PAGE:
UK Government Launches Consultation on Regulating Streaming Platforms

By Lily Zhou
Lily Zhou
Lily Zhou
Lily Zhou is a freelance writer mostly covering UK news for The Epoch Times.
September 1, 2021 Updated: September 1, 2021

New rules may be introduced in the UK to regulate streaming platforms such as Netflix, Amazon Prime Video, and Apple TV+ so their content will be more in line with those broadcast on TV.

The Department for Digital, Culture, Media, and Sport (DCMS) launched a new consultation on Tuesday, asking for public opinions on how to regulate video-on-demand (VoD) services.

The DCMS said it’s seeking to protect UK audiences from “harmful material”  and to level the regulatory playing field between streaming platforms and traditional UK linear television channels.

The department said some streaming platforms have taken “welcome” steps to introduce their own standards and procedures “but the extent of these measures varies across services.”

“Age ratings are also inconsistent and sometimes non-existent,” the statement added.

Culture Secretary Oliver Dowden said that the government wants to “give UK audiences peace of mind that however they watch TV in the digital age, the shows they enjoy are held to the same high standards that British broadcasting is world-renowned for.”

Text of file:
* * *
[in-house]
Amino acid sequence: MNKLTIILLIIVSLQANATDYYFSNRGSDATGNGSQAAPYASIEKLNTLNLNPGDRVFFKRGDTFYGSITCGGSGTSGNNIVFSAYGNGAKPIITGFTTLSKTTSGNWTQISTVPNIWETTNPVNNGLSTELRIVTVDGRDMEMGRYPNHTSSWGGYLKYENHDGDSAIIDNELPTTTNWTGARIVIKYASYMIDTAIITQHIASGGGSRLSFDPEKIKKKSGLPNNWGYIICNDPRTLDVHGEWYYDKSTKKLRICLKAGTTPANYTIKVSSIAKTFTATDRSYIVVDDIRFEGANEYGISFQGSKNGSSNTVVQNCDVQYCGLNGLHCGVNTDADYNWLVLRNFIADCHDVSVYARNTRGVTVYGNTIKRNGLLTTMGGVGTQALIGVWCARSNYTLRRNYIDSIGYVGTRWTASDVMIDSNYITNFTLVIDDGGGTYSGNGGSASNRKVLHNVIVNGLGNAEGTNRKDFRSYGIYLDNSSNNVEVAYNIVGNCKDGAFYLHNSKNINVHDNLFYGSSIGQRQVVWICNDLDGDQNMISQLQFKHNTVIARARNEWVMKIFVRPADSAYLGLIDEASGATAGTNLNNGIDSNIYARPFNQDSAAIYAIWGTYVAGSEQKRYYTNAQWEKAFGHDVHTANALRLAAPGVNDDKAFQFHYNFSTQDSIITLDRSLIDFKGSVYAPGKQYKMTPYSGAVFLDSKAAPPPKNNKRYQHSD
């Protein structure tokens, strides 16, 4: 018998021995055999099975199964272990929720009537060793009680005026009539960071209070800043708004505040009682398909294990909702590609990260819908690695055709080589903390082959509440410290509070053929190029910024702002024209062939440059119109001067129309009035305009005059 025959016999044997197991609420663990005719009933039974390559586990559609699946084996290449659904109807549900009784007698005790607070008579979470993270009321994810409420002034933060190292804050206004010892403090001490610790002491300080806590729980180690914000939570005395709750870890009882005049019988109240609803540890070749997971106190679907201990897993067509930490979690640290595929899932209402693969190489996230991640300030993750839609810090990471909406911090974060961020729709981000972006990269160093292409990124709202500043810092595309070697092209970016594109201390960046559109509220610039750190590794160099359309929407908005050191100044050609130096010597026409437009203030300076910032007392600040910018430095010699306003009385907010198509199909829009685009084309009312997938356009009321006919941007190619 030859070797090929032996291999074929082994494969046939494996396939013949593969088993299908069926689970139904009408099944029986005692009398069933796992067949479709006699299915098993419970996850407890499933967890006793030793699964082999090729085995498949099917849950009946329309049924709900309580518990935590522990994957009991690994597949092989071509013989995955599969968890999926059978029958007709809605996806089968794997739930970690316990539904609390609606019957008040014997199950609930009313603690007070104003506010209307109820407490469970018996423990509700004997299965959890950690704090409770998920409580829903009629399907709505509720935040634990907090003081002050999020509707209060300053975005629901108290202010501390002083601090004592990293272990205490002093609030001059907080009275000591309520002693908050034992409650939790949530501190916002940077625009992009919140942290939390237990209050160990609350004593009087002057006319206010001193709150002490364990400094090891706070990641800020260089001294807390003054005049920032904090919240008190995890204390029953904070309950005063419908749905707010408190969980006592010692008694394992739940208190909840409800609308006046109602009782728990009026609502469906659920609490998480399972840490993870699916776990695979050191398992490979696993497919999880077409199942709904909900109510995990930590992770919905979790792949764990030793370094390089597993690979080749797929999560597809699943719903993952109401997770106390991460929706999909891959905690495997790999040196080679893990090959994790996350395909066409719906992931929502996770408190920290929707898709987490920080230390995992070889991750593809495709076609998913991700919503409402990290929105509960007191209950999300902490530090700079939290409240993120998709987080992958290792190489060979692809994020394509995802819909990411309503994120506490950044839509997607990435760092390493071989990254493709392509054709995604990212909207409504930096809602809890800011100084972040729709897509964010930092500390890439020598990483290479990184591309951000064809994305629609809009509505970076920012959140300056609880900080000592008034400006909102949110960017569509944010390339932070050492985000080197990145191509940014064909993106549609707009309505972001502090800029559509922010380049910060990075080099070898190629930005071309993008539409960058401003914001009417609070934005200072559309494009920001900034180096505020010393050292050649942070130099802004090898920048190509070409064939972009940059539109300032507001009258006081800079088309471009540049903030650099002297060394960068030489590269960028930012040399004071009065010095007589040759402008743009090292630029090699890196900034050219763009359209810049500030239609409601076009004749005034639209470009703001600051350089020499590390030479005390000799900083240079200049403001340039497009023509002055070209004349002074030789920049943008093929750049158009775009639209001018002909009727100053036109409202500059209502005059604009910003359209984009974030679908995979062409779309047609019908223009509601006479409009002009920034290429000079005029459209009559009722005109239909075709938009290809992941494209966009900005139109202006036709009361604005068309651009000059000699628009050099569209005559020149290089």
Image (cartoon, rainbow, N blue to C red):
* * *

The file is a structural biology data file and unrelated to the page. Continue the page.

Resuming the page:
“It is right that now we have left the EU, we look at introducing proportionate new rules so that UK audiences are protected from harm,” he added.

The consultation document said that current regulation doesn’t “protect audiences from misleading health advice or pseudoscience documentaries on climate change,” and that these are “matters of serious concern which could be tempered with better guidance to warn audiences as to the nature and type of content available.”

It also said that new rules would need to be proportionate to ensure freedom of speech is not stifled.

The eight-week consultation will result in a number of measures to regulate VoD services as part of a wide-ranging broadcasting white paper that’s due to be published this autumn.

VoD isn’t the only content platform the UK government is seeking to regulate while trying to balance between protecting people from content deemed harmful and protecting freedom of speech.

The government published in May the draft (pdf) of an ambitious Online Safety Bill, which was promoted as a “world-leading approach” to regulate the online space.

The bill introduces a “duty of care,” requiring social media sites, websites, apps, and other services hosting user-generated content or allowing people to talk to others online to “remove and limit the spread of illegal and harmful content such as child sexual abuse, terrorist material, and suicide content,” or face huge fines.

It also seeks to tackle “racist abuse,” scams, and “disinformation.”

While the government said the bill also aims to uphold democratic debate online by requiring companies to protect content defined as “democratically important,” safeguarding users’ access to journalistic content shared on their platforms, and forbidding them from discriminating against particular political viewpoints, the bill has been lambasted by the civil liberty group Index on Censorship, which said it’s “catastrophic for freedom of speech.”

PA contributed to this report.

Lily Zhou
Lily Zhou is a freelance writer mostly covering UK news for The Epoch Times.